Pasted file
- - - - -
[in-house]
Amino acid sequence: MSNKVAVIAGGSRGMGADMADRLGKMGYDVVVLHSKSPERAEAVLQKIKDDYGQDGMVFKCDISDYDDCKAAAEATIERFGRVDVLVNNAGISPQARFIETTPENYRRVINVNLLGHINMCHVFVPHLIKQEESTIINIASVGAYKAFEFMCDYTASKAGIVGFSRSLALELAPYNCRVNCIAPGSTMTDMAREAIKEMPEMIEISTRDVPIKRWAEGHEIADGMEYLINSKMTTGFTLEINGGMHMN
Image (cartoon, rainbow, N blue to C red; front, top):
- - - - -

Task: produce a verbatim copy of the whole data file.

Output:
[in-house]
Amino acid sequence: MSNKVAVIAGGSRGMGADMADRLGKMGYDVVVLHSKSPERAEAVLQKIKDDYGQDGMVFKCDISDYDDCKAAAEATIERFGRVDVLVNNAGISPQARFIETTPENYRRVINVNLLGHINMCHVFVPHLIKQEESTIINIASVGAYKAFEFMCDYTASKAGIVGFSRSLALELAPYNCRVNCIAPGSTMTDMAREAIKEMPEMIEISTRDVPIKRWAEGHEIADGMEYLINSKMTTGFTLEINGGMHMN
Image (cartoon, rainbow, N blue to C red; front, top):